In most cases, geological maps are made by piecing together observations of hundreds of individual outcrops. Boundaries between types of rock are covered in grass and sheep1 and have to be traced on the map later as a line between rock outcrops, like a inverted game of dot-to-dot. In areas like Himalayas the same boundaries may be visible in an instant on a vast wall of rock. Quickly mapping vast areas of country by tracing features by eye across expanses of bare rock is a great way to do geological mapping.
It turns out you can have a go at this ‘Himalayan-style’ mapping at home. Make a cup of tea (add salted butter, or spiced sweet milk for authenticity) and fire up Google Maps. It works outside the Himalayas too – deserts are great for this.
This is an area of Namibia in SW Africa. Immediately you can see different areas of rock – the image itself is like a geological map, only without labels. Himalayan geologists would identify the different areas of rock by getting samples, but we’ll stick with Googling the geology of the area.
Let me take you through the geological components and their history.
First off, the orange lines that look like rivers. Ignore them: they are rivers and we are geologists, not geographers. Mentally filter them out of the image.
Next look at the stripy area top left – we’ll call them the Damara sediments. They formed in the long-vanished Khomas ocean between the Congo craton (ancient piece of crust) and the Kalahari craton. The area is stripy because the sedimentary layers are not flat. They are now on edge and form ridges on the surface.
The light orange area far right is made of Damara granites (and modern sand, again filter it out, if you can). These formed when the Khomas ocean closed and Congo and Kalahari got stuck together as part of Gondwanaland. This happened about half a billion years ago.
Bottom left, the rusty brown area is sediments and volcanic rocks that are part of the Karoo Supergroup. These formed on Gondwanaland between the Carboniferous and the Jurassic when geological conditions in this part of Africa were relatively calm.
The really obvious round thing that I’ve perversely left until last is a circular granite intrusion called Brandberg that formed a little later, as Gondwanaland was ripped apart and the South Atlantic opened.
I’ve given you the relative ages of the different rock packages, but we could have worked this out from Google Maps. The observations I’ll show you are exactly the same as those used by field geologists. What follows are a sequence of close-ups. Some are outside of the original area, but none are far away.
We’ve got two areas of sediments, the Damara and the Karoo. How do we know one is older than the other?
Here we see the red-brown Karoo sitting in a blob in the middle, with stripy purple-brown Damara to the NE. Look carefully (zooooming helps) and you can see circular lines in the Karoo. Note that the rivers go round this blob.
We are looking at a hill of Karoo sediments. The lines are the edges of different beds and they are tracing contours around the hill. These are flat layers of underformed sandstone2.
Try tracing the lines in the Damara – these are also the edges of sediment beds but they have been tilted. Note that they are cut by the edge of the Karoo. The surface between the two rock packages is an unconformity. It represents the time when the Damara sediments were pushed into a mountain belt and then eroded into a flat surface.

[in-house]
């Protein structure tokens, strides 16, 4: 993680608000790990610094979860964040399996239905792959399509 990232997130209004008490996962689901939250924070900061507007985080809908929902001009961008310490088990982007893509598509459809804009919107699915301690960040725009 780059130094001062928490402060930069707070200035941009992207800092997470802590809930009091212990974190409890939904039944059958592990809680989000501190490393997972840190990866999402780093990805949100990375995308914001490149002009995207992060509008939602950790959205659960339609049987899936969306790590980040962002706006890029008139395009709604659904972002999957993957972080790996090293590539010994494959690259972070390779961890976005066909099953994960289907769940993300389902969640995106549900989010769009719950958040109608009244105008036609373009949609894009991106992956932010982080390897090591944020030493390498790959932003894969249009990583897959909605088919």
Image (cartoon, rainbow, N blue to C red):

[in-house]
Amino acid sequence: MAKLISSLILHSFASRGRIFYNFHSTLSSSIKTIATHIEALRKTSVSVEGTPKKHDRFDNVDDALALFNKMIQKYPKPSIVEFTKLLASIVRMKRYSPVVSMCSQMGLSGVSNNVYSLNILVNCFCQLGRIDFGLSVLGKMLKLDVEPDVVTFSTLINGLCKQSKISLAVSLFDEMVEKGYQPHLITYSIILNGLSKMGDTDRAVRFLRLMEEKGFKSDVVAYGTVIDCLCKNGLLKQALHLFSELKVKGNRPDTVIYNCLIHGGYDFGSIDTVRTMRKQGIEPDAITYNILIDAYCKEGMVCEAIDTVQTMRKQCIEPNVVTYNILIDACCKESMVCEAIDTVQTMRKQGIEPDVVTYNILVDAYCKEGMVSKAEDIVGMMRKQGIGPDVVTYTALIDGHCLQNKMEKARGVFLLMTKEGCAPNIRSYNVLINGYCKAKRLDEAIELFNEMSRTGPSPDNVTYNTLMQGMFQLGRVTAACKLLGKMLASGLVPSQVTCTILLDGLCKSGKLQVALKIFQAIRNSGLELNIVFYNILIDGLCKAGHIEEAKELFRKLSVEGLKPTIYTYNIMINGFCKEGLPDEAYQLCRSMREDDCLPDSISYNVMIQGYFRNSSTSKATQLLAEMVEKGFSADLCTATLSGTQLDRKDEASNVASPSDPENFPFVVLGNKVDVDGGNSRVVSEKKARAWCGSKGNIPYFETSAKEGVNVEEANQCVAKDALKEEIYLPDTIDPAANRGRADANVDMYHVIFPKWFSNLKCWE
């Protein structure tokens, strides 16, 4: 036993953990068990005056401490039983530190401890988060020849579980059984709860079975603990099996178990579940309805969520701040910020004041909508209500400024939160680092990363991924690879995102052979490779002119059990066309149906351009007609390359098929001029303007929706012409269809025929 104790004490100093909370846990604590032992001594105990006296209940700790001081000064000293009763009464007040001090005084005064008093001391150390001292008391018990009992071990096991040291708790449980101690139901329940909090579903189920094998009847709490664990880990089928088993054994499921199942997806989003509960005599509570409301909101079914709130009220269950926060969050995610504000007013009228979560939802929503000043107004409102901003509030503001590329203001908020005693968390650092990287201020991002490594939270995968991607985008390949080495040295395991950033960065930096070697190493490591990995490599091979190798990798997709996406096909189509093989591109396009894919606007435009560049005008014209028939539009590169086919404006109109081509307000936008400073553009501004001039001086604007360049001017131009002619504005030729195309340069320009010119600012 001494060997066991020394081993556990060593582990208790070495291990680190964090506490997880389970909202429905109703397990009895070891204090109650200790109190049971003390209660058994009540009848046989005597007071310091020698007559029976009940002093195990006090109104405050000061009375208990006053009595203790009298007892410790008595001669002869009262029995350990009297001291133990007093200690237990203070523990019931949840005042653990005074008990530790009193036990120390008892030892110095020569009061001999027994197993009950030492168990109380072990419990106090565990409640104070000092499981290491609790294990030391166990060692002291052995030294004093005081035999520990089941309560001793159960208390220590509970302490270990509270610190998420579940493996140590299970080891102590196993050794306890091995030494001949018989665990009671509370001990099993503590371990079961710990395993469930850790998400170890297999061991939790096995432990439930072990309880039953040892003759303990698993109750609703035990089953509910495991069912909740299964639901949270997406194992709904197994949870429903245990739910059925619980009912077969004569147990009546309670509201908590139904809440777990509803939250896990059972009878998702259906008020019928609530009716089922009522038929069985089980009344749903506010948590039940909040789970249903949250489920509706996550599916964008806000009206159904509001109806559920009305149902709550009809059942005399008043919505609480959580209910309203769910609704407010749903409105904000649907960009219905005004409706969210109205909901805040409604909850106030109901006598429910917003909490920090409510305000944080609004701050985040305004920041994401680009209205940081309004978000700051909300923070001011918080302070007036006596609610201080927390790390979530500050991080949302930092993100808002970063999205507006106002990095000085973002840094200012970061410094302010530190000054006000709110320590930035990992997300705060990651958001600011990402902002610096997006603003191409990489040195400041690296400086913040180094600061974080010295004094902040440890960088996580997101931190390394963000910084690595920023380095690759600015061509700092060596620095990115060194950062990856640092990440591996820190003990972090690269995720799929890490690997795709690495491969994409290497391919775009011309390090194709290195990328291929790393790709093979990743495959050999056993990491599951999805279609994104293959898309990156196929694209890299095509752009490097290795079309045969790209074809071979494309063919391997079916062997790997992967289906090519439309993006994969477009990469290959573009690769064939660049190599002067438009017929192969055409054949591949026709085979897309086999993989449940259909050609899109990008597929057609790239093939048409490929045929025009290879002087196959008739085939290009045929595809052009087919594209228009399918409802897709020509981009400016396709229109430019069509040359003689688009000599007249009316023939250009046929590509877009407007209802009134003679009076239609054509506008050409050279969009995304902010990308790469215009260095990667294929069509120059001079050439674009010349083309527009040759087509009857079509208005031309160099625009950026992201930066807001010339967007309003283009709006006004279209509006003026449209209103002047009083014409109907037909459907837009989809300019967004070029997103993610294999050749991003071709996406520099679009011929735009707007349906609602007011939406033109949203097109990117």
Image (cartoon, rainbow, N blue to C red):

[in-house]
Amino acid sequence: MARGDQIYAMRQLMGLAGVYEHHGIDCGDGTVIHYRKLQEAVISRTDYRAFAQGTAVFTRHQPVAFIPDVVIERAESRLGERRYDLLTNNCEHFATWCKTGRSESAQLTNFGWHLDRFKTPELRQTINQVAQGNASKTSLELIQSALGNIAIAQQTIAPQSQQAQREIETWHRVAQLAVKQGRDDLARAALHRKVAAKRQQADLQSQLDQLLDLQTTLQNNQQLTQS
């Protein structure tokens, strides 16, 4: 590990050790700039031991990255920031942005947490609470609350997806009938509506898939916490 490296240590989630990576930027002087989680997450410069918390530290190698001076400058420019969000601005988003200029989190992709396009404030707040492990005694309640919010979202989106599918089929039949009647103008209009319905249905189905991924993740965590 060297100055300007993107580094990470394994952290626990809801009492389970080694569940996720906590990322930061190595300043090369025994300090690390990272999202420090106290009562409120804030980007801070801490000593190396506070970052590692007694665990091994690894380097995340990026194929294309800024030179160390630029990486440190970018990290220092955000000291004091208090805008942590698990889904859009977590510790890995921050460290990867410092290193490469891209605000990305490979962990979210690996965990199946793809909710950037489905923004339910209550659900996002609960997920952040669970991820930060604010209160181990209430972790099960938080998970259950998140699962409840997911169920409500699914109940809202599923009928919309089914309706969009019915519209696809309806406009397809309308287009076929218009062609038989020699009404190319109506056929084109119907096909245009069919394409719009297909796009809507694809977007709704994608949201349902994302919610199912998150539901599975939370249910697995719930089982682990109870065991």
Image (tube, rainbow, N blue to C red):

Folding and cross-cutting granites
This is a view of the contact between the Damara granites and the Damara sediments, which have some zig-zaggedy folding here. The boundary between the two is fairly abrupt and cuts the folded bedding planes. Using the principle of cross-cutting relationships the granite is younger than the sediments and the folding (although the folding may be related to the emplacment of the granite). There are some fine white lines crossing the folded sediments that may be veins of magma that came out of the main granite – further evidence of what came first.
Scoot around a bit and you can see that there is an unconformity between this older Damara granite and the Karoo, which gives us the relative ages of the three.
This is a view of three of our rock packages. There’s a prominent river forming a yellow bar across the picture. Apart from that, from left to right we have: Damara sediments; Karoo sediments, sitting above the unconformity; the Brandberg granite. The boundary between the Karoo and the Brandberg is straight and cuts across bedding, suggesting the intrusion is later.
Another possibility to consider is that this is an older granite and the edge is just the edge of a hill. Well, look a the patterns of the streams – they are flowing down from the centre of the granite (it actually forms the biggest mountain in Namibia). For it to be higher now than the flat Karoo sediments, it must be younger than them.
The boundary between the Brandberg and the Karoo is quite interesting3, with tilting of the Karoo and a zone where the sediments and granite are mixed. Apart from the small zone that is Karoo coloured but without clear bedding, I can’t make this out.
The geological history I started with is based on many things, including precise dating of events and detailed field work. However, the basic age-relationships between the rocks can be worked out using simple geological rules and good photographs.
These same principles are being used on other planets where geologists have never been. We know a lot about the geological history of Mars by mapping from space using just these techniques.
Damara granite next to folded Damara